ACSPRI Conferences, RC33 Eighth International Conference on Social Science Methodology

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Taking nothing seriously. An investigation of organizational survey nonresponse.

Karsten Boye Rasmussen, Heiko Thimm

Building: Law Building
Room: Breakout 11 - Law Building, Room 107
Date: 2012-07-12 11:00 AM – 12:30 PM
Last modified: 2011-12-16


Nonresponse leaves you with nothing. When harvesting for information by survey methods nonresponse is considered an unwelcome and unfortunate result. From the original setting of a mail based research survey we are demonstrating known and new methods of filling the vacuum created by nonresponse with information obtained from additional sources and by alternative data collection methods. The investigation relates to a two-nation study with a questionnaire survey carried out among small and medium sized companies geographically placed in adjoining regions.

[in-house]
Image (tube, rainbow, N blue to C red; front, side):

Archival information can be used for documentation of the existence of differences in the archival variables shared by the two groups of response and nonresponse. However, not finding any differences between the groups cannot be equaled to the conclusion that no differences exist. Other data collection methods can address the nonrespondent group more directly. The use of telephone follow-up actions cannot circumvent the persistence of nonresponse. However, most often some form of response can be noted from the telephone conversations obtained. We found both active and passive forms of nonresponse present in the conversations and also a group belonging to the qualified passive response of explicit reference to time pressure as the reason or explanation for the original questionnaire nonresponse. As a final source of information about the companies we present a scanning of company websites. This demonstrates a method that in contrast to the archival method is independent of the existence of information previously collected. Furthermore, the used method is also opposed to the dependency of a human informer obligatory in the cases of the questionnaire and telephone collecting methods thus demonstrating an unobtrusive method. The reading of websites is often termed as content analysis and implemented as a qualitative intensive approach, which because of lack of resources will subsequently limit the research to a few websites. Intending an unobtrusive and inexpensive method we developed an extensive at-a-glance reading and categorization of websites for all the companies in the original sample. The categorizations of the websites are focused on a reduced number of variables describing aesthetical or functional issues of the websites. Data obtained through the different data collection methods are match-merged and the investigation relates the information both to the response/nonresponse behavior as well as to the central content variables and indexes in the original organizational survey. Analysis shows no significance regarding response/nonresponse but confirms that companies with self-reported mature IT networking also exhibit more mature websites.